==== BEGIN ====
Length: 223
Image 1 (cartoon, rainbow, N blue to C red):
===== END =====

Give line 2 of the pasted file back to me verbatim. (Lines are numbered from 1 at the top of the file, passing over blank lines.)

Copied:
Image 1 (cartoon, rainbow, N blue to C red):